While this reflects badly on the prison authorities, I believe it also reflects badly on the Obama administration. After two months, the new President has only released one prisoner from Guantánamo: the British resident and torture victim Binyam Mohamed, whose case established that, if the stakes are high enough – in other words, if you were subjected to extraordinary abuse, whose disclosure could cause enormous embarrassment (or even a call for criminal investigations) on both sides of the Atlantic – you can be fast-tracked to the front of the new administration's review process.
Send the Saudis home, President Obama
I don't begrudge Binyam Mohamed his freedom, of course, as it was long overdue, but I'm disappointed that, of the 59 prisoners who have been cleared for release (a quarter of Guantánamo's current population), not a single man has been freed since Barack Obama took office. I understand that, in many cases, this is because the State Department is still trying to find third countries to re-house men from countries including Algeria, China, Libya, Tunisia and Uzbekistan, who cannot be repatriated because of fears that they will be tortured, and that in the cases of 12 Yemenis, this is because the US and Yemeni governments are still struggling to establish a mutually acceptable basis for the return of prisoners. However, in the case of Zuhair, and five other Saudis cleared for release, these explanations are not applicable.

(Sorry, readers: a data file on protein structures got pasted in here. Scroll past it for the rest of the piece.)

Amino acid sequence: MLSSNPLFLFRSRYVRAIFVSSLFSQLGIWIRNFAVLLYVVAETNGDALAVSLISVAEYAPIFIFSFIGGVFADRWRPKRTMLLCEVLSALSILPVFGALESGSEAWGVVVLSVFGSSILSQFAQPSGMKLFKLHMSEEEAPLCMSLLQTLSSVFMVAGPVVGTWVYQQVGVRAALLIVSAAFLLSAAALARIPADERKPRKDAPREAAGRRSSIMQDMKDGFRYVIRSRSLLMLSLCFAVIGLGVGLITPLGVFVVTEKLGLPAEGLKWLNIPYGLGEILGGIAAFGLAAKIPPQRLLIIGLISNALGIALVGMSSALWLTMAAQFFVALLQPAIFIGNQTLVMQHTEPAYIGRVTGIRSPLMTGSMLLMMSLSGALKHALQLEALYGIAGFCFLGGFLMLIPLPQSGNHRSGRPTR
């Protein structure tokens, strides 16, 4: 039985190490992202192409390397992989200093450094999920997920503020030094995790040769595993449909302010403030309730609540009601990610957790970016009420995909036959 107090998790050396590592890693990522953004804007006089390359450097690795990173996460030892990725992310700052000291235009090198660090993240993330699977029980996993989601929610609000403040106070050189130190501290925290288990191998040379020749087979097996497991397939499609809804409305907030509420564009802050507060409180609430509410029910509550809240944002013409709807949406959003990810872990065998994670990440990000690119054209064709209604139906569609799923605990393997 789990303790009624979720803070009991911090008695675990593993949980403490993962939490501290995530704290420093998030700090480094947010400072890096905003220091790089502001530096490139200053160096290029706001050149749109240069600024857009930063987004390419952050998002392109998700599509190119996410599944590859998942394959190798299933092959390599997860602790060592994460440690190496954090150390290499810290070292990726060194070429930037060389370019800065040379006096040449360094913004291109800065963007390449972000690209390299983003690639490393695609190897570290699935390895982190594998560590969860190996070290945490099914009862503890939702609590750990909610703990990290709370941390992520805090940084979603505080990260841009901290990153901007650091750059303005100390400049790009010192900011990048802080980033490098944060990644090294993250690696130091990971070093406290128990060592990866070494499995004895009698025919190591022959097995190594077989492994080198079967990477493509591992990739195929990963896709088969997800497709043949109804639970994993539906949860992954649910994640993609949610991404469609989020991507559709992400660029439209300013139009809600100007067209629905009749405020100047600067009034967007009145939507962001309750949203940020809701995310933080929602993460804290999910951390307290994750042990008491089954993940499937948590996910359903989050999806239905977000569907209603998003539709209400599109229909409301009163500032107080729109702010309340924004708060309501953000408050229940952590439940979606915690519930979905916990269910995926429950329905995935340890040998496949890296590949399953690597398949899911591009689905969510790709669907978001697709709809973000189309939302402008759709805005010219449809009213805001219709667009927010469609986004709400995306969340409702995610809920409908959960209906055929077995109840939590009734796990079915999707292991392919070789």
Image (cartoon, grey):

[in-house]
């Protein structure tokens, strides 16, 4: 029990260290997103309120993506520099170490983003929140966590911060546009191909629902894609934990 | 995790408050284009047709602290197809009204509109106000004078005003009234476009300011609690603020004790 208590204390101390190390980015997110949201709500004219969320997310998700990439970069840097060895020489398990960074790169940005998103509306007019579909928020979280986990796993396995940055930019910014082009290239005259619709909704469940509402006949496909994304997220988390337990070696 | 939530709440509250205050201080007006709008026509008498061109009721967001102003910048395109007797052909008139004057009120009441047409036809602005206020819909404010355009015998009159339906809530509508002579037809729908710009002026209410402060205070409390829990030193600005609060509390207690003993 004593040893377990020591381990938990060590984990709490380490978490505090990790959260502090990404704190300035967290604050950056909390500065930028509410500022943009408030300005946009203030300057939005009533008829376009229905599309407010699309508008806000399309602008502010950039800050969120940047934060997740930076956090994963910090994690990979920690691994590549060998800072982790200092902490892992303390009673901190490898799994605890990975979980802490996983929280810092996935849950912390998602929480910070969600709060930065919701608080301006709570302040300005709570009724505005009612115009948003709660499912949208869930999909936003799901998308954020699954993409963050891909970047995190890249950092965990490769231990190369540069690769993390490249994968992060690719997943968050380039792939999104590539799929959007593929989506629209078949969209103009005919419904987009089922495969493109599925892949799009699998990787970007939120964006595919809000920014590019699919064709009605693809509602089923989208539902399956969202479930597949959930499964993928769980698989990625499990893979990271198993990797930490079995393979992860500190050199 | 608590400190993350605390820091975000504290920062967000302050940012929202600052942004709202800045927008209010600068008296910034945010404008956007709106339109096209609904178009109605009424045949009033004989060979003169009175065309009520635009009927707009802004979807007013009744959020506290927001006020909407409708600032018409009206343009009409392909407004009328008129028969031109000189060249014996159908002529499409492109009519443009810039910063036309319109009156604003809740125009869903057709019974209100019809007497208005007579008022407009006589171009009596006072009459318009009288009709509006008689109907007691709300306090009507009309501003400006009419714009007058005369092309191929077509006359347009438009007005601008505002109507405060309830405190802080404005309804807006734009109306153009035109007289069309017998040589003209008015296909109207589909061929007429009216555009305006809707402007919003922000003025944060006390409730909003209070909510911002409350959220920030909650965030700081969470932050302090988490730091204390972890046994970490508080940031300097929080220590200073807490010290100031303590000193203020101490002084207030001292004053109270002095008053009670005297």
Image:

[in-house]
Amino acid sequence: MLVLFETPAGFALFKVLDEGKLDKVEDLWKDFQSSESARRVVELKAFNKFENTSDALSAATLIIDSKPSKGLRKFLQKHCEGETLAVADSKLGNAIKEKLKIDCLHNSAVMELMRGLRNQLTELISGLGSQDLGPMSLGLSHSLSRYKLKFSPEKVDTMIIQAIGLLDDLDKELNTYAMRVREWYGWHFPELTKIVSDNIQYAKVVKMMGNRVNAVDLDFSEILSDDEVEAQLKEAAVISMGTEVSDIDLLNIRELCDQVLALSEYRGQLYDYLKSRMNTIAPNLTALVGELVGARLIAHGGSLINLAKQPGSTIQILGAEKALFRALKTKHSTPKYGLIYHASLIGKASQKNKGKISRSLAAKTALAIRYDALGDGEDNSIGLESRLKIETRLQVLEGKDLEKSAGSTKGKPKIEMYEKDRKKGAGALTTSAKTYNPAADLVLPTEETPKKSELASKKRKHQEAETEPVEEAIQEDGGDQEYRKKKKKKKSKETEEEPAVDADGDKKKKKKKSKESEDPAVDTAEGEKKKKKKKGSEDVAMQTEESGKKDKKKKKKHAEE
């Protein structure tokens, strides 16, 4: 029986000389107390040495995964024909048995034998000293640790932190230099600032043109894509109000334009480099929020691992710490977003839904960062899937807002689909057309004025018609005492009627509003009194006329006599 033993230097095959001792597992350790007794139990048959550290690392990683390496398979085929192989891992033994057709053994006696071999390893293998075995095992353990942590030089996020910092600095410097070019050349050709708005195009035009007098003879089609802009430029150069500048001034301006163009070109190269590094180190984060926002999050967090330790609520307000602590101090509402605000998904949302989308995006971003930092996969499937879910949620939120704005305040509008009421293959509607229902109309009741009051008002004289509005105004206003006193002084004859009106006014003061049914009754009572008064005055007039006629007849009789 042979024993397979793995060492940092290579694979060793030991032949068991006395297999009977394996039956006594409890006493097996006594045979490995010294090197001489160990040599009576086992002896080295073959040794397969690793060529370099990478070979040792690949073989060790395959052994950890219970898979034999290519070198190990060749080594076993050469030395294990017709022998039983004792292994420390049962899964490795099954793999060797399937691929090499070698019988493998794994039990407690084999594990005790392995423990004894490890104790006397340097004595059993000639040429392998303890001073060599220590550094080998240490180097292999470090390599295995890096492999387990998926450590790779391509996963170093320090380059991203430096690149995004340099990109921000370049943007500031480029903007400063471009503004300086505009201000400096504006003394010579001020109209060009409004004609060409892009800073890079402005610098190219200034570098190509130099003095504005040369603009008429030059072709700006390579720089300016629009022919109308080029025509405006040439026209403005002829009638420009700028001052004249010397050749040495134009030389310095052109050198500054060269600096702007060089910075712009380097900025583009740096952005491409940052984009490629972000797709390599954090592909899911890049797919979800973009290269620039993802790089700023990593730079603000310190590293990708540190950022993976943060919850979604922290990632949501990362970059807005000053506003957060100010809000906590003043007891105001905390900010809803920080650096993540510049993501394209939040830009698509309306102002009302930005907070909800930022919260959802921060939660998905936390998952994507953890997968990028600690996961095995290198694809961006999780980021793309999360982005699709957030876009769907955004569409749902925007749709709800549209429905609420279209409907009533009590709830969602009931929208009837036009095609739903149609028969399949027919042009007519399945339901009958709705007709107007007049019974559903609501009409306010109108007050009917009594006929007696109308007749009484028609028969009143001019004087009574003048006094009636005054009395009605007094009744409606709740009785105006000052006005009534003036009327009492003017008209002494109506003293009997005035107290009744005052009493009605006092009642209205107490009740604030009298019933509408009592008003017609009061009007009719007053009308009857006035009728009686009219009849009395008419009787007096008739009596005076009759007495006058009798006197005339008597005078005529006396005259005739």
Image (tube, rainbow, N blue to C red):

In 2006 and 2007, after the Saudi government established a rehabilitation program that satisfied the Bush administration, 108 Saudi prisoners were repatriated, and although there have, in recent months, been howls of outrage from right-wing commentators, after a handful of these men resurfaced in connection with militant groups in Saudi Arabia and Yemen, the rate of recidivism has been insignificant, and is far outweighed by the program's success in divesting ex-prisoners of the false notions of jihad encouraged by radical clerics, and in supporting them as they reestablish themselves in Saudi society.